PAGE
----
The Arian controversy or 'Is Jesus God?'
FAU theologists investigate a turning point in church history
In light of the fact that Christianity claims to be a monotheistic religion, how should the relationship between God the Father, the Son Jesus Christ, who became a man, and the Holy Spirit be understood and explained in a comprehensible way? In Antiquity, this was the most important question that Christianity had to answer for itself and for its critics. Approximately 1600 years ago, this question led to the so-called Arian controversy, named after the Alexandrian priest Arius, who advocated strict monotheism and considered Christ to be God but subordinate to God the Father. This dispute went on for almost 300 years and also involved Constantine and his successors.
At FAU’s Chair of Church History I, Prof. Dr. Hanns Christof Brennecke (FAU), Prof. Dr. Uta Heil (University of Vienna) and Dr. Annette von Stockhausen (FAU) are leading the research project ‘Athanasius Werke’ (Athanasius’s works), collecting, translating, editing and commenting on all documents on this controversy from Late Antiquity to the early Middle Ages.
The volume of the documents, including imperial letters, bishops’ letters, synodic letters, laws and creeds, which cover the entire period and area of the late Antiquity Roman Empire, is unique for this period. The aim of the project is to prepare these documents for research to gain a better and more comprehensive picture of the developments at that time. Since 2007, two volumes of ‘Dokumente zur Geschichte des Arianischen Streites’ (documents on the history of the Arian controversy) with editions, translations and a commentary have been published and a third volume will be published soon. A fourth volume is currently being prepared. The project will be funded for an initial period of two years by the Fritz Thyssen Foundation.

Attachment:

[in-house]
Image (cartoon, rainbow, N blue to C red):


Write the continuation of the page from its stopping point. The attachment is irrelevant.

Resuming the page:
The controversy surrounding the Trinity
The dispute about what the Trinity really meant and the associated power struggles within the Church were highly politically controversial at the time as Christianity was growing fast and finally became the preferred religion of the emperors. Roman emperors spared no efforts to prevent divisions within the Christian Church because faith was to be the unifying element in the Roman Empire. Emperors such as Constantine I or Theodosius I summoned councils to resolve the dispute and exerted their own influence on the process of finding a consensus. After the First Council of Constantinople in 381, the Roman Empire shared one creed and understanding of the Christian doctrine which has prevailed until today. Different doctrines were designated as ‘Arian’ and considered to be heretical. As the Germanic peoples who had settled in the territory of the former Western Roman Empire had accepted the Christian faith in this ‘Arian’ form, the Arian controversy was not over but continued until the end of the 6th century when these Germanic churches also accepted the Catholicism defined by the Councils of Nicaea and Constantinople. The sixth edition of the third volume of the Athanasius works deals with texts from the period of the Council of Constantinople and texts from the early seventh century, containing the Athanasian Creed and documenting the conversion of Reccared the Visigothic king to the Catholic faith.
Dr. Annette von Stockhausen
Phone: +49 9131 8522141